What are medical diagnosis codes?
Medical diagnosis codes are simple standard codes that are assigned to different clinical conditions, drug effects, clinical procedures and other patient treatments that help identify them easily. They are utilised to review patient diagnosis and also for funding purposes by various hospitals. In addition, these codes are used to perform statistical analysis of different clinical conditions across the globe.
The ICD Ninth Revision (ICD-9) refers to the revision that covered the years 1979 to 1998. The data collected for coding includes information listed on the death certificate – this means that the ICD-9 coding involves collection of mortality data. The main benefit of this system is that the code identifies the main cause of death, and recognises the associated conditions that led to death as well. These are sometimes called ‘underlying and non-underlying causes of death’, and in combination are referred to as ‘multiple causes of death’.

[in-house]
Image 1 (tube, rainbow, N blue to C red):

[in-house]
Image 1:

The ICD-9 CM is structured around the ICD-9. Unlike ICD-9 that is used for mortality statistics, ICD-9 CM is used for coding different clinical diagnoses and procedures within hospitals. It has within it tables of different diseases with specific codes assigned to them, and these are listed with the aid of an alphabetical index. The ICD-9 CM is regulated by the National Center for Health Statistics (NCHS) and the Centers for Medicare and Medicaid Services, both of which are United States government agencies. Once again, the ICD-9 CM is used for not just statistical analysis, but also for hospital funding purposes.